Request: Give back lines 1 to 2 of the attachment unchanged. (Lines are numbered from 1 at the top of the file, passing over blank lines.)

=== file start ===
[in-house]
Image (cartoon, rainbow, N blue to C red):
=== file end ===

[in-house]
Image (cartoon, rainbow, N blue to C red):